This Indigenous History month we celebrate the achievements and excellence of Indigenous graduates from the class of 2020 at the University of Ottawa. Learn what some of these inspiring graduates have to say about what convocation means to them.
Congratulations to the graduating class of 2020!
“I am proud to be receiving my diploma during a month that recognizes the challenges that my people have overcome to give me the right and possibility to pursue my studies. In receiving this diploma, I am also aware of a responsibility to help open doors for other Indigenous people and to educate individuals around me about the history and present reality of Indigenous people in Canada. I believe strongly in continuing the work of my ancestors.” –Gabrielle Côte-Picard
Gabrielle Côté-Picard (BMus ’20) is a graduate from the Faculty of Arts with a Bachelor of Music and a Graduate Diploma in Music Performance with a specialization in voice. She is Métis from Outaouais and the Gaspesie region.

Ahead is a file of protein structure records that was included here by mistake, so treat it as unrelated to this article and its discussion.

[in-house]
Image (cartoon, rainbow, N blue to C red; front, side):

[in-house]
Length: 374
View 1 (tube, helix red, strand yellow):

"My time at the University of Ottawa was very positive. I had the opportunity to study Indigenous legal mechanisms and natural law that taught me the value of community and reciprocal relationships. I faced challenges which I overcame with the support of my communities, and I am forever thankful for the experience.” –Nathan Jocko
Nathan Jocko (JD ’20) is a graduate from the Faculty of Law, Common Law Section. He is Algonquin of Pikwàkanagàn First Nation.
“Celebrating this month is about understanding how we are still so strong and so resilient. We are making things work no matter what. I think it is quite profound to graduate considering everything that has happened this year. And, for Indigenous graduates it is even more significant. It is a beautiful process, an important process. I would encourage Indigenous people to apply for post-secondary studies. I think it is really important.” –Madelaine McCracken
Madelaine McCracken will graduate in December 2020 from the Faculty of Education with a Master of Education. She is Métis with ancestral ties to the Red River Settlement located in Manitoba.
“For me, graduating during Indigenous History Month shows that despite everything we have endured and continue to endure, in environments that weren’t built for us to succeed, we continue to resist, make our mark and thrive. It makes me hopeful for the future generations to come. Bjiinak gdoo-maajtaamin. We are just getting started.” –Robin McLeod-Shabogesic
Robin McLeod-Shabogesic (BA ’20) is a graduate from the Faculty of Arts a major in Indigenous Studies and a minor in Women and Gender Studies. She is from Nipissing First Nation.